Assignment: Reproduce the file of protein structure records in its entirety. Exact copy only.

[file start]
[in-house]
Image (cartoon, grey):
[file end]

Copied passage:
[in-house]
Image (cartoon, grey):